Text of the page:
One whole month with baby Sybil. I look at her and I can’t quite believe that it has been more than four weeks since I first laid eyes on her. Our lives have gone from relative calm to noisy chaos, and – cliche as it sounds – I wouldn’t have it any other way. Sybil was a huge surprise… to Andy, not me. We were’t trying for another baby, but I instinctively knew that we weren’t done with two. Every day, every time I look at her I feel so very blessed that she chose us, our sweet Sybil.
Here is a little recap at how the first month has gone.
BRINGING HER HOME
The first couple of weeks with a newborn are relatively easy, exhausting but easy. At least that’s been my experience. This is because they sleep a lot, anywhere and on anyone. The logistics of keeping a tiny baby safe with a heavy-handed 18 month old however, that is a different story. Tallulah has learned the word “gentle” but still has no concept of what it actually means and will often wander up to Sybil, whack her over the head and then saunter away. It’s not done maliciously, she’s naturally quite boisterous and it’s something that Poppy has always humoured. Nonetheless it’s disconcerting with a newborn to keep safe. I massively underestimated the amount of coordination that was going to come up when you have an age gap like ours. So, we have essentially spent the first couple of weeks of Sybil’s life considering how we were going to gate-off portions of our home to juggle daily life.
We have slowly started to fall into a routine, and the days are a touch more predictable. As predictable as they can be with kids, I should say. We’re adjusting to the new rhythm of life and the girls are adjusting to the arrival of a new sister. Poppy is a little empath and of the two girls she has – unsurprisingly – coped more easily. Of course, she’s already been through it once before but she’s also old enough to have real conversations with. Yes, she struggles with some of the changes, but, significantly, she is able to understand why things have changed. She is also able to comprehend that this particular phase of life is only temporary and that there are benefits and rewards to being an older, big sister. Tallulah on the other hand, is struggling a bit more. The combination of her young age and now being a middle child has made it tough, and I often find myself worrying that she sometimes feels lost in the chaos of everyday. Finding pieces of time to spend with each of the girls individually is challenging, but the way that it makes them light up shows me just how appreciated it is and just how worthwhile it is.
MENTALLY AND PHYSICALLY
Sybil’s birth was induced (all three of my girls were, so it’s all I know) and of all three of my labours and births, hers was closest to my ‘ideal birth’ as it required the least amount of intervention. Physically, recovering from the birth has been rather smooth sailing, but the exhaustion is next-level. There has been six years between my first and last baby and I can feel it most in the sheer amount of exhaustion I feel everyday. The baby brain is unreal too. Most days it’s all I can do to string a sentence together.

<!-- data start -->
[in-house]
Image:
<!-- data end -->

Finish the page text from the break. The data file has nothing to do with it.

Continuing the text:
I have made no secret of the fact that I struggled greatly with postnatal anxiety and panic following Poppy’s birth, and then again to a much lesser extreme after Tallulah’s. This time around I am ready and prepared for it, and am trying to listen to my body and pay attention to my warning signals. Perhaps a sign that I am becoming increasingly self aware is the fact that I felt the baby blues much more acutely after Sybil’s arrival than I did with the other girls. Regardless, one thing it did show me was how difficult it must be to experience and try to make sense of new motherhood with postpartum depression. It is one thing to read the textbooks and have a preconceived perception of what something you’ve had no experience of is going to be like, and quite another to have lived through this immense challenge. I won’t attempt to compare my one day of (admittedly, deep blue) baby blues, but as someone who has never experienced depression but who often works professionally with those that have, it has given me a great deal of insight.
I feel like I need to pop a disclaimer in here, as often times talking about safe sleep for babies becomes a contentious topic. Everyone has an opinion on what is best, but after doing our research and understanding our own family’s needs we decided to bed-share. I’ve fought against it with each child, mostly, I think, because of others fear-mongering and strong, loud opinions. It ultimately came down to the fact that I felt safest making a conscious decision to have them in bed with us, as opposed to falling asleep in a chair or on the couch during our 476th night feed. For us – or me, as I’m breastfeeding so the nighttime responsibility mostly falls to me – it has made all of the difference. What we sacrifice in personal space and adult time we make up for in sleep, and since we now have three kids, the ability to function during daylight hours is pretty much non-negotiable. My baby brain is so bad already that I would hate to think about how useless I would be if I added sleepless nights to the mix.
This past month has simultaneously been the most trying time of my life and the most blissful. Admittedly, most of it feels like perpetual chaos, but I’m learning to (or trying to) embrace it. It surely isn’t going to change anytime soon. With each child I’ve learned to slow down a bit more, worry a bit less – which is lucky because it frees up plenty of mind space to ruminate over challenges arising from feisty five-year-olds. At the risk of sounding like a walking, talking cliche again (oh, what the hell), the moments are fleeting and I’m clinging to these days, whatever they hold, because in a blink of an eye they will be nothing more than a memory.
For the sake of community, what is one thing you wish you had known as a new mother? Leave a comment below.